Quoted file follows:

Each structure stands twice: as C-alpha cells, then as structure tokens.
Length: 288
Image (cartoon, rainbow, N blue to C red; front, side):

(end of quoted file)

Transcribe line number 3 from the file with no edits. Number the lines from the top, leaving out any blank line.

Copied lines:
Image (cartoon, rainbow, N blue to C red; front, side):